Temporary and emergency power generation is a niche that few are working to decarbonise.
This is mainly because of how little it emits compared to other sources like agriculture, global transportation, and grid-scale energy generation.
We’ve previously covered portable kite energy and portable micro-nuclear as container-sized energy solutions for this niche.
A niche that is currently monopolised by the polluting diesel generator.
In this article, we take a closer look at portable solar energy and battery storage as an alternative to decarbonising the temporary energy niche.
A niche in need of innovation
Maintaining power generation at all times is essential to modern society.
Not only because the world is dependent on digital systems for communications and supply chains but to guarantee basic necessities like winter heating, water pumping, medical equipment and food refrigeration.
For almost 100 years, versatile diesel generators have done a splendid job of providing emergency power and has probably saved millions of lives.
But these are changing times, and every niche must do its part in decarbonising, so a solution that is equally reliable but clean is the goal.
Particularly when considering that the emissions of diesel generators are 2.15 larger than those of the U.S. national grid, which has one of the highest carbon intensities.
In comes solar energy
We came across the concept of portable solar farms in this video produced by the World Economic Forum (WEF).
A series of rapidly deployable solar panels stored within a container that can be transported anywhere with road access in the back of a lorry seem bound to replace diesel generators in a heartbeat.
Ready to produce energy in as little as 15 minutes, these could replace generators in multiple temporary and emergency settings like construction sites and emergency power for hospitals, refugee camps and any other immediate energy needs.
And when combined with a battery system, these portable solar units could produce energy both day and night, and if large enough, could even help with a nation’s baseload in times of increased demand or reduced supply.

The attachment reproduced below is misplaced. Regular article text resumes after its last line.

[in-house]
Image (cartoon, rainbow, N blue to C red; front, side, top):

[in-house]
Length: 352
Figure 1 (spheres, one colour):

But as usual, it is never a straight-up fairytale story…
Remembering the Lindy Effect
We soon found out that the trailblazing company behind this portable solution had actually put the project on hold “due to the huge interest in our other industries”.
Polish company Moveit specializes in trailer and container innovations and has been in the market for decades. Their working prototype appears to have been well-tested, and the green technology niche appears to be in its prime.
We soon realized that there were a number of similar portable solar prototypes from different startups, some of which had seemingly vanished after posting well-edited marketing videos.
We were quickly reminded of the Lindy Effect and how novel concepts that appear to have high chances of success actually need to stand the test of time before acquiring trust.
To be precise, the Lindy Effect is a theory that robust innovations will remain relevant for as long as they have survived in the past.
For example, if containerised solar power becomes commercially used throughout the world for 10 years, it is very likely it will survive another 10.
In other words, new concepts need to stand the test of time to prove themselves as truly revolutionary, and this niche is no different.
And so far, it is not looking as promising as we thought. Let’s have a look at some of the containerised solar innovations of the last couple of years and how they have fared the test of time.
This is the self-unloading portable solar system displayed in the WEF video, and produced by Polish company Moveit.
This impressive system fits in a container and can be self-unloaded using a system pioneered by the company, where the panels automatically deploy from the roof.
The opening process resembles a sped-up scene of a growing seedling with the panels opening up like the petals of a flower once the supporting structure reaches its desired position.
Also, the panels automatically track the sun’s position during the day to maximise power production, and when installed together with a battery can provide 24-hour power generator.
But despite what looks like an absolute winner, this project has fallen off the company’s priorities.